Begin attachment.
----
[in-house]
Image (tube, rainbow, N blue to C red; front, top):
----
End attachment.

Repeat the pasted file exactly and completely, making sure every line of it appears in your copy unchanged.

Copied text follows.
[in-house]
Image (tube, rainbow, N blue to C red; front, top):